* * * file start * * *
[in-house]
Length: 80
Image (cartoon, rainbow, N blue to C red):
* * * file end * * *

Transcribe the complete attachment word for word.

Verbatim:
[in-house]
Length: 80
Image (cartoon, rainbow, N blue to C red):